Essential Oils for RA

The joint pain, swelling, and stiffness that come with rheumatoid arthritis (RA) can be so tough that you might be willing to do anything to stop it. Thankfully, there’s a long list of conventional and non-conventional treatments that can ease that pain.

Plant-based “essential oils” can play a part in your treatment. They’ve been used for centuries to lessen joint pain. But the safety and effectiveness of EOs, as they’re sometimes known, have been a topic of debate for years.

Still, some people with RA swear by EOs as part of their treatment regimen, and many doctors give the go-ahead to try them. It’s a good idea to make an appointment with your doctor or rheumatologist to talk it over.

What Are Essential Oils?

They’re derived from herbs, flowers, fruits, and other plants. These oils generally have a pleasing fragrance and are used in a complementary treatment known as aromatherapy (also called essential oil therapy). You usually inhale them or rub them on your skin. Sometimes, you add them to foods like peppermint tea.

EOs can come from many different plants, including:

Do They Really Work?

Aromatherapy is a complementary treatment, meaning it’s meant to be used along with, not instead of, your prescribed treatment. Tell your doctor if you’re using EOs or if you’d like to use them. There are risks: Some oils, in different forms and doses, can cause things like:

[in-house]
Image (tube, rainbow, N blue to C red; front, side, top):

It may also interfere with medicine you’re taking.

Don’t stop your conventional therapy in favor of essential oils. That could lead to permanent joint damage.

Still, EOs seem to work for many people. Holy basil (tulsi) is said to work as an anti-arthritic. Studies have been done on many oils -- including, notably, turmeric, lavender, and ginger -- to gauge how well they ease inflammation and the pain of arthritis. But many believe more research is needed.

So What’s the Bottom Line?

How well many of these treatments work is still up for debate. The fact that so many people are using them or looking for another treatment for their RA is pushing researchers to keep studying.

So far, the research is promising. It’s also continuing. But it’s not widely accepted science yet. Before you start using essential oils, talk with your doctor.

WebMD Medical Reference Reviewed by Melinda Ratini, DO, MS on January 17, 2019

Sources

SOURCES:

American College of Rheumatology: “Rheumatoid Arthritis.”

Rheumatoid Arthritis Support Network: “RA Essential Oils: What Essential Oils are Anti-inflammatory?”

National Center for Complementary and Integrative Health” “Rheumatoid Arthritis: In Depth.”

National Association for Holistic Aromatherapy: “What is Aromatherapy?”

National Cancer Institute: “Aromatherapy With Essential Oils (PDQ®)–Patient Version.”

Funk, J. Journal of Agricultural and Food Chemistry, Jan. 27, 2010.

Arthritis Foundation: “11 Drug-free Ways to Feel Better,” “Evening Primrose,” “9 Supplements for Arthritis,” “Flaxseed,” “Borage Oil,” “Essential Oils: What You Should Know.”

Cohen, M. Journal of Ayurveda and Integrative Medicine, Oct.-Dec. 2014.

National Center for Complementary and Integrative Health: “Complementary, Alternative, or Integrative Health: What’s In a Name?”

Mayo Clinic: “Rheumatoid arthritis.”

Lakhan, S. Pain Research and Treatment, Dec. 14, 2016.

Nasiri, A. Complementary Therapies in Clinical Practice, November, 2016.

Funk, J. PharmaNutrition, July 2016.

Efthimiou, P. HSS Journal, the Musculoskeletal Journal of Hospital for Special Surgery, February 2010.

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